Cirque du Soleil Returns to Japan with Ovo
Ever since I caught a performance of Dralion during a trip to Denver several years ago, I have been hooked on the amazing acrobatics, gorgeous costumes and elaborate sets that characterize Cirque du Soleil. Since then I have had the privilege of seeing several other Cirque productions, including Zed during its residency at Tokyo Disneyland. So when I heard that the Montreal-based circus was returning to Japan with its touring show Ovo, I knew I had to book tickets. But what I didn't expect was for the production to become my favorite one so far.
Ovo is a fast-paced, energetic romp through the fantastical and beautiful world of insects. The set itself, while compact enough to fit under the big top, is an impressive engineering marvel, with lots of moving parts including gigantic flowers that open and close, holes in the floor through which performers enter and exit, and a rock wall backdrop with trampolines stored under the floor. The costumes are just as intricate and inspiring, instantly transforming their human wearers into ants, scarabs, spiders, crickets, butterflies and other creatures.
The show incorporates many acts that are similar to those seen in other Cirque du Soleil shows. Tiny ants juggle pieces of fruit—and even each other—with their feet; a graceful dragonfly balances on the thin tendrils of a plant, often using only one hand; a group of fleas perform an acrosport routine, flinging themselves through the air and holding each other aloft with incredible strength and agility; two butterflies soar through the air using a Spanish web; and scarabs fly high above the stage in a breathtaking aerial act.
As entertaining and impressive as these feats are, some of my favorite parts of Ovo were the acts that were completely new to me. These included a slackwire performance that seemed to completely defy every law of gravity and physics that I learned in my high school science class. Seeing someone balance and do acrobatics on a tightrope already makes my stomach flutter and my hands grip the edge of my seat in nervousness, but this was something else entirely. It was like watching someone walk, flip and even ride a unicycle with his hands, all the while supported only by a single piece of loose rope. It was nothing short of incredible, and I still have no idea how it is even humanly possible.
Another of my favorite acts was the finale of the show, which combined an eight-meter vertical climbing wall with trampolines in the floor for a daring performance that looked like so much fun I wished I had been one of the performers. Some 20 artists threw themselves off the wall and onto the trampolines, flipping and flying through the air before perching back on the wall using tiny grips as their only support. A power track running down the center of the stage added additional momentum and even more speed to the already fast-moving act.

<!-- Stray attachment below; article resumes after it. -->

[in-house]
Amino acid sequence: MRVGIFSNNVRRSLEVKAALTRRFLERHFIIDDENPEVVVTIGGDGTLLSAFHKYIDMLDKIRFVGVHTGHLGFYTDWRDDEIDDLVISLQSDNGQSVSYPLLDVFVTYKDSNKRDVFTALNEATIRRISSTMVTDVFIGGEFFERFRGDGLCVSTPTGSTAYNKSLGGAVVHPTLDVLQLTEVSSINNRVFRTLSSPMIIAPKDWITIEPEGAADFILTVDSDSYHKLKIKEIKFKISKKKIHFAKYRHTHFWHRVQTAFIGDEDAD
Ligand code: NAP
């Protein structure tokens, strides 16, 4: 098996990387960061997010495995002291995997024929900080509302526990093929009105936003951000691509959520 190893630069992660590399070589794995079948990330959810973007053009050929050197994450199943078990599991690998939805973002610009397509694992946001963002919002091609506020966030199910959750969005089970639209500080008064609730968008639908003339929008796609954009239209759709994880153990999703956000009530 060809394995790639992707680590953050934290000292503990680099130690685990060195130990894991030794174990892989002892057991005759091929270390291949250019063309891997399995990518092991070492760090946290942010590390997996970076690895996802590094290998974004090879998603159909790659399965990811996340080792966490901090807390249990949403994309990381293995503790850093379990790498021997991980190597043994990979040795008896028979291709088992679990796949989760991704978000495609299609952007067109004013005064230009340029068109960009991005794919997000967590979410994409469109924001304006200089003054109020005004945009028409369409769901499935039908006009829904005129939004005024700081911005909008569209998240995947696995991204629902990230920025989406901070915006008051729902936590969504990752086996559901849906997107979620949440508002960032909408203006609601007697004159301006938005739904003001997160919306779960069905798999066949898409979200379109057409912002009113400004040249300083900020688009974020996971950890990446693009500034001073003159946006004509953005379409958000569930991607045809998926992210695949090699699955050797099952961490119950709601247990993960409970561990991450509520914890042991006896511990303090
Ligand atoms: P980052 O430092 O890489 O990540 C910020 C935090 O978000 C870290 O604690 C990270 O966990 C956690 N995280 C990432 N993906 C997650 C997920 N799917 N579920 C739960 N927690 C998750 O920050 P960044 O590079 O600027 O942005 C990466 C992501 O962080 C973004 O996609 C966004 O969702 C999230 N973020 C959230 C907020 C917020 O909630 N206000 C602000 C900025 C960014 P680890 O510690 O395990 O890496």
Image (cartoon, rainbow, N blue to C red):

Speed and momentum are two elements that are present throughout Ovo, ensuring audience members never want to take their eyes off the stage for fear they might miss something. Even with a 30-minute intermission, the show’s pace is quick, drawing you in to a magical world that you’ll be reluctant to leave after curtain call. This is also what makes Ovo so appealing to spectators of all ages—looking around me, I saw elementary school aged children, couples on dates, and senior citizens, all just as enthralled as I was.
Ovo’s Tokyo run goes through June 29, and then the show will move on to other cities in Japan, including Sendai, Osaka, Nagoya and Fukuoka for performances through June 2015. For now, the big top is located in Odaiba, near the DiverCity shopping mall. Combine a performance with other area attractions and you have the perfect family day, school field trip or night out. For more information, check out the show’s official website.
When: Now through June 29 in Tokyo; later dates in other Japanese cities
Where: Odaiba Big Top, 1-1-16 Aomi, Koto-ku, Tokyo
Tickets: ¥6,500–¥13,500 for adults; ¥4,500–¥9,500 for children aged three through elementary school students. Tickets can be purchased online or at convenience stores (in Japanese only).
Spider photo by OSA Images; all others by Benoit Fontaine ©2009 Cirque du Soleil Inc.